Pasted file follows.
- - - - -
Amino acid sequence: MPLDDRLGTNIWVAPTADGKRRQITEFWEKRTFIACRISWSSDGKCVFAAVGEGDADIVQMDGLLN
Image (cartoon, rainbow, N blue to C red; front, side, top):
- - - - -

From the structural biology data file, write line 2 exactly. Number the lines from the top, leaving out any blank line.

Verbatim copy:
Image (cartoon, rainbow, N blue to C red; front, side, top):